Florida state laws and regulations that affect your medical practice
1. What is the Good Samaritan Act and how does it affect a physician who renders care in an emergency situation?
Florida's Good Samaritan Act was enacted to encourage health care practitioners to provide necessary emergency care to all persons without fear of litigation.
(a) Any person, including those licensed to practice medicine, who gratuitously and in good faith renders emergency care or treatment either in direct response to emergency situations related to and arising out of a public health emergency; a state of emergency; or at the scene of an emergency outside of a hospital, doctor's office, or other place having proper medical equipment, without objection of the injured victim or victims thereof shall not be held liable for any civil damages as a result of such care or treatment or as a result of any act or failure to act in providing or arranging further medical treatment where the person acts as an ordinary reasonably prudent person would have acted under the same or similar circumstances.
(c) Immunity from civil liability applies to damages as a result of any act or omission of providing medical care or treatment, including diagnosis:
1. Which occurs prior to the time the patient is stabilized and is capable of receiving medical treatment as a nonemergency patient, unless surgery is required as a result of the emergency within a reasonable time after the patient is stabilized, in which case the immunity applices to any act or omission of providing medical care or treatment which occurs prior to the stabilization of the patient following the surgery.
2. Which is related to the original medical emergency.
(d) "Reckless disregard" as it applies to a given health care provider rendering emergency medical services shall be such conduct that a health care provider knew or should have known, at the time such services were rendered, created an unreasonable risk of injury so as to affect the life or health of another, and such risk was substantially greater than that which is necessary to make the conduct negligent.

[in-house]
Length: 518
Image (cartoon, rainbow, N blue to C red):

(e) Every emergency care facility granted immunity shall accept and treat all emergency care patients within the operational capacity of such facility without regard to ability to pay, including patients transferred from another emergency care facility or other health care provider. The failure of an emergency care facility to comply with these provisions constitutes grounds for the department to initiate disciplinary action against the facility.
(f) Any health care practitioner who is in a hospital attending to a patient of his or her practice or for business or personal reasons unrelated to direct patient care, and who voluntarily responds to provide care or treatment to a patient with whom at that time the practitioner does not have a then-existing health care patient-practitioner relationship, and when such care or treatment is necessitated by a sudden or unexpected situation or by an occurrence that demands immediate medical attention, shall not be held liable for any civil damages as a result of any act or omission relative to that care or treatment, unless that care or treatment is proven to amount to conduct that is either willful and wanton and would likely result in injury so as to affect the life or health of another.
(g) Immunity does not apply to damages as a result of any act or omission of providing medical care or treatment unrelated to the original situation that demanded immediate medical attention.
(h) Any person whose acts or omissions are not otherwise covered above and who participates in emergency response activities under the direction of or in connection with a community emergency response team, local emergency management agencies, the Division of Emergency Management of the Department of Community Affairs, or the Federal Emergency Management Agency is not liable for any civil damages as a result of care, treatment or services provided gratuitously in such capacity and resulting from any act or failure to act in such capacity in providing or arranging further care, treatment or services, if such person acts as a reasonably prudent person would have acted under the same or similar circumstances.
(i) Any person, including those licensed to practice veterinary medicine, who gratuitously and in good faith renders emergency care or treatment to an injured animal at the scene of an emergency on or adjacent to a roadway shall not be held liable for any civil damages as a result of such care or treatment or as a result of any act or failure to act in providing or arranging future medical treatment where the person acts as an ordinary reasonably prudent person would have acted under the same or similar circumstances.
F.S.A. § 768.13
Copyright Kern Augustine Conroy and Schoppmann, P.C. Used with permission.